Only 813 of 1,563 who got gracemarks take NEET-UG re-exam | India News

NEW DELHI: Only 52%, or 813, of the 1,563 candidates across seven centres, who were earlier awarded grace marks due to loss of time in the NEET-UG exam, appeared for the retest on Sunday, officials said. The others have opted for their original score without the grace marks.
In Chandigarh, where just two candidates had registered for the retest, neither turned up.The Jhajjar centre, which was under the scanner as several high rankers had emerged from there, registered 58% attendance, with 287 of the 494 candidates taking the retest.
A senior NTA official said, “At least 52%, 813 out of 1,563 candidates, appeared for the retest on Sunday. No candidates appeared in Chandigarh, while the numbers were 291 in Chhattisgarh, one in Gujarat, 287 in Haryana, and 234 in Meghalaya.”
The NTA said based on inputs, 17 candidates who appeared for the exam on May 5 from centres in Bihar were debarred. “This takes the number of total candidates debarred from the exam this year to 110,” the NTA official added.

Only 813 of 1,563 who got gracemarks take NEET-UG re-exam.

The agency had earlier debarred 63 candidates for adopting unfair means in the exam. On Saturday, 30 additional candidates from Gujarat’s Godhra were debarred.
As many as 67 students had scored a perfect 720 in the NEET-UG exam, unprecedented in the NTA’s history, with six from a centre in Haryana’s Faridabad figuring in the list, raising suspicions about irregularities. It was alleged that grace marks contributed to 67 students sharing the top rank. Later, the Supreme Court ordered cancellation of grace marks and provided the option of retest.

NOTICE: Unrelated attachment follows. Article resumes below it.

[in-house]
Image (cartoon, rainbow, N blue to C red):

Close to 24 lakh candidates sat for the NEET-UG exam, held on May 5 across 4,750 centres. Initially expected on June 14, the results were announced on June 4 due to early completion of answer sheet evaluations.
Exam fiasco hits hard: Odisha girl travels 600km, J&K doctor spends Rs12k on hotel, trip
Some were unaware, some were unsure what to believe so they reached the venues anyway, and some hoped to find answers to their immediate next question — what would the next date of the exam be?
There was no clarity whatsoever on offer. At the venues, each candidate echoed the other’s confusion and anxiety, and distress building up over days in the academic calendar slipping away. Indignation was directed at the National Testing Agency (NTA), which many candidates called “irresponsible”.
Among the 2 lakh candidates who were to sit for NEET-PG, there were many who had travelled long distances and following carefully nurtured dreams to reach the exam centres — like Neha Tabassum, who came to Noida from Jammu with her husband, spending Rs 12,000 on tickets and a hotel, money that went down the drain. “I discovered the exam was postponed only when I was on my way to the centre in the morning. It took two years of preparation, and this would have been my second attempt. What kind of exam arrangement is this? It’s frustrating,” she said.
Sunanda Pansari, who came to an exam centre in Bhubaneswar from Kalahandi in Odisha, 600km away, said it was exasperating that the exam’s dates had been changed four times. “This is extremely wrong. I have travelled 600km to attend the exam. We should have been informed at least 24 hours in advance about the decision. There is also no information (from govt) on the paper leak as of now,” she said, referring to the NEET-UG fiasco.